Joanna P Davies, PhD
- ASSISTANT PROFESSOR | Genetics and Genomic Sciences
BScHons, King's College, University of London
PhD, University of London,Dept Biochemistry and Genetics, Institute of Child Health
Cholesterol homeostasis is maintained by a plethora of intracellular lipid sensing and trafficking mechanisms, in combination with tight control of its synthesis and catabolism. Many of the processes that influence this homeostasis are poorly understood and these are the focus of my research. To gain insight into key mechanisms of cholesterol homeostasis, initial studies have investigated the functions of two proteins, Niemann-Pick C (NPC)1 and NPC2 that are defective in the human, autosomal recessive disorder, NPC disease. This disorder is characterized by a defect in LDL-derived free cholesterol efflux from the endosomal/lysosomal system, which results in cholesterol accumulation in these intracellular compartments and a progressively debilitating and incurable disease phenotype. Understanding how these proteins function will not only enhance our knowledge regarding the mechanisms that control cholesterol homeostasis but will also aid in the development of treatments for this disorder.
Since the majority of NPC disease patients (95%) have a defect in NPC1, this protein has been the major focus of my studies. We have determined the subcellular localization of NPC1, mapped the topology of this multipolytopic protein and identified key targeting signals within the protein. Further research revealed that NPC1 facilitates the transport of fatty acids across cell membranes, utilizing a proton motive force. These studies indicated that NPC1 was a mammalian member of the well-studied and distantly-related prokaryotic resistance-nodulation-division permeases, the first mammalian protein shown to operate similarly to this evolutionarily ancient superfamily of proteins. Further studies of the precise lipid ligands transported by NPC1 are currently in progress.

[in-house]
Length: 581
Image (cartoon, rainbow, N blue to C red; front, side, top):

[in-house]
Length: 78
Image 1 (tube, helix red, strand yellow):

Studies to identify homologues of NPC1 have lead to our identification of the NPC1-Like 1 (L1) protein and have expanded our interest in proteins that influence cholesterol homeostasis. Since identifying three alternatively spliced forms of the human form of the protein we have generated an NPC1L1 gene knockout mouse that has alterations in lipid trafficking, including cholesterol transport. In contrast to defects in NPC1 that result in a severe disease phenotype, defects in NPC1L1 actually appear to be beneficial. The NPC1L1 knockout mice appear to be phenotypically normal, although when fed a high-cholesterol diet these mice are clearly resistant to the hypercholesterolemia that occurs in wild-type mice. We have also investigated the tissue expression of NPC1L1 and shown that it is expressed predominantly in the mouse intestine, where it is known to facilitate cholesterol absorption. Interestingly, in humans the highest expression is observed in the liver, although intestinal expression is also higher than in other tissues. Intracellularly, we have localized this protein to Rab 5-positive vesicles. Currently, we are actively investigating the precise role of NPC1L1 in facilitating the transport of cholesterol and other lipids in both humans and mice. This knowledge will aid in the development of treatments for hypercholesterolemia and related disorders.